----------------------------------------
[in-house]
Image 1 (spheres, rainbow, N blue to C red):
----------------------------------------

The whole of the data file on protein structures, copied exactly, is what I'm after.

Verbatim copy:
[in-house]
Image 1 (spheres, rainbow, N blue to C red):